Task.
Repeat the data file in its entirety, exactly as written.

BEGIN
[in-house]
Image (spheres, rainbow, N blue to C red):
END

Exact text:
[in-house]
Image (spheres, rainbow, N blue to C red):